Looking back over the field he has dominated for half a century, Kermode’s words are unminced. Universities, he says, “are being driven by madmen”. And education in general “is being run by lunatics”.
The recent A-level and GCSE statistics, I point out, would indicate that at one level, at least, his subject is increasingly popular. “Well,” he replies, “I don’t know what they call ‘English’ now. I can understand the attractiveness of it. But I don’t hold the view that reading English is a soft option, or at least it shouldn’t be. It should be a severe option, restricted to those people who are qualified to do it. I’ve been out of touch with student life for a long time. But I don’t believe that many people nowadays get many visible benefits from studying English. It doesn’t do them any harm, of course.”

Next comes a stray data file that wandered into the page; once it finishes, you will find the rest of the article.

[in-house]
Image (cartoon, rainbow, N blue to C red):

Is he suggesting that English should be re-engineered to be more in line with currently unpopular “hard” subjects – like physics? “Yes…”
But what will people take when they can’t decide what else to do? Have you ever thought about the idly rich, Frank? Don’t they deserve to have an excuse to be at school drinking before taking over the family business of buying things?